Ellen Terry and her glorious gown of beetle wings

The Virtual Victorian (“Peer back into the mists of time — for facts, fancies and fabrications about the Victorian era”) has just published a lovely post about Ellen Terry’s gown made of beetle wings. As Carrollians, the occasion was too good not to mention her friendship with Charles Dodgson.

The post by the Virtual Victorian mainly reports the actress’career and love life and presents the restoration of the garment, now at Smallhythe Place where Terry died in 1928.

As far as Dodgson is concerned, he photographed the Terry family (including Ellen, whose complete name was “Alice Ellen” — yet another Alice) more than once. A few of those photographs are available online (Ellen Terry and her mother, alone 1 & 2, and Kate Terry as Andromeda).

Not only did he photograph her and her family, but he attended with great enthusiasm the plays in which she performed, with subsequent praise:

“The gem of the piece is Olivia herself, acted by Ellen Terry with a sweetness and pathos that moved some of the audience (nearly including myself) to tears. Her leave-taking was exquisite; and when, in her exile, she hears that her little brother had cried at the mention of her name, her exclamation ‘Pet!’ was tenderness itself. Altogether, I have not had a greater dramatic treat for a long time.” (LC quoted in Collingwood, The Life and Letters of Lewis Carroll, 1899. 192)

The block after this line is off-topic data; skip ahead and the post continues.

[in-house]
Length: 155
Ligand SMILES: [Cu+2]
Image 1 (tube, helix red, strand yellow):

“You gave me a treat on Saturday such as I have seldom  had in my life. You must be weary by this time of hearing your own praise, so I will only say that Portia was all I could have imagined and more.” (idem, 182.)

Ellen Terry [wearing the gown] as Lady Macbeth by John Sargent, oil on canvas, 1889.

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